Let me offer my brief thoughts on the way forward in the inerrancy debates:
  1. The conservative side must do better in engaging in the actual textual issues. We should defend on views of inerrancy and its subsequent entailment through dealing with the actual historical details and facts that 'trip' so many up. One side says 'see we have the evidence' and too often we are apt to say 'but your presupposition'. This second part is a needed element of the debate but we can win more favor if we couple it with the first part. Consider the examples of Warfield, Machen and Stonehouse.
  2. We should be going backward as well as forward. Yes a lot of research has come to light in the ANE. Yet we should understand the tradition and the heritage before we abandon it. Warfield should be required reading. We should understand the history of the debates as they were first undertaken before we cast off the past. Those who have come before us were not as naive as we might think. Let me give one example: Warfield has an excellent essay"The Doctrinre of Inspiration of the Westminster Divines" (The Works of B.B. Warfield, Vol 6 pp.261-333). Particularly interesting is his discussion of Lightfoot's interpretations. I think it would surprise both sides, the ridgedly conservative might be surprised by how Lightfoot interpreted certain passages. Those who opposse inerrancy might be surprised by its pedigre and interpretive intelligence. Some of the reasons for abandoning inerrancy such as 'accomadation' are precisely the things that Lightfoot held without abandoning inerrancy. We might further suggest Silva's articles on the issues.
  3. Going forward does not automatically entail abandoning the historic confessions of the church. So often progress is seen as theological ingenuity. This is true of inerrancy. We should take the ANE context of the Old Testament seriously. Taking it seriously does not (and I would argue will not) entail abandoning inerrancy. The evidence is a brute fact that if properly understood magically overturns inerrancy. That side, the Reformed conservative side should actually be careful to engage and exegetic the text. Historical exegesis will entail relevant historical background and refining our historical methods of inquiry. It may even lead us to interpret a particularly passage differently than are forebearers, but we mean know disrespect. Indeed, we respect them more fully when we deeply dig into God's Word. Digging deeper into God's Word will not undermine confessional evangelicalism or our Christianity. Historical methods are essential and yet we should ask "which historical methods" for these are hardly unbiased tools which is why I say:
  4. We need to realize the issues go much deeper than the issues. This is more than just 'following the facts'. Those zealous defenders of inerrancy need to likewise keep their own pride in check. Further, we must resist the temptation to define inerrancy by the interpretation on takes on this passage or that passage. Granted, one should not take interpretations contrary to the words of Scripture. Yet even within inerrancy there is freedom of interpretation as long as we are properly respecting God's Word.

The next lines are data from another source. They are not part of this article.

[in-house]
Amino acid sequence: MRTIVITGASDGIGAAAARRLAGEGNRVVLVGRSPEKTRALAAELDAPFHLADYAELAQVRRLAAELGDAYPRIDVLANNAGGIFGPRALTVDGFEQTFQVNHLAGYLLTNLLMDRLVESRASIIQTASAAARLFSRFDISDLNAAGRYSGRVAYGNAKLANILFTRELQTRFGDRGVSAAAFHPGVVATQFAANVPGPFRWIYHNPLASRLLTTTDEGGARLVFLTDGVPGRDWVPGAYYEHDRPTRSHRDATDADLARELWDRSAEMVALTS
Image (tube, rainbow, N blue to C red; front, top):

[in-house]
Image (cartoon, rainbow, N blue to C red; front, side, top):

5. Keep in mind "Many might not be aware of this, but the inerrancy debate was not a result of the Enlightenment. Even in the seventeenth century there existed the “anti-Scripturalists”, as they were called. (ThomasGoodwin.wordpress.com)"
  6. Don't loose sight of the Scripture in your zeal to defend Scripture:
I’m concerned that those of us who view the bible as God’s inerrant word do not practise what we preach.

John Biddle was the English champion of Socinianism in the seventeenth century. He is reported to have memorized in Greek vast portions of the New Testament. What this shows, of course, is that you can know a lot of Scripture and still be a heretic. Having said that, I’m not at all confident that the current generation of preachers and seminary students know their bibles all that well. The bar at Presbytery examinations has been set very low. And, judging by many sermons I hear today, a lot of preachers are more comfortable quoting movies, tv shows, and books, than they are their Bibles.

All of this is to suggest that it is not enough to believe in inerrancy and then ignore your Bible. It’s not adequate to spend 2 hours of your day debating inerrancy on a blog and neglecting to read your bible. It’s like someone saying they believe in God, but not worshipping him.(ThomasGoodwin.wordpress.com)

Conclusion.
I am sure I have solved nothing of the debate here. I have not dived into the textual and exegetical issues. My attempt has been to frame some of the discussion, offer my commentary as I study the issues and provide some suggested lines for moving forward. Let us not be consummed by debate and chatter for its own sake. Our pride is not at stake, the debate should be over the nature of God's Word and the authority and clarity of God Himself.

Thursday, May 21, 2009

Star Trek (XI?) Movie Review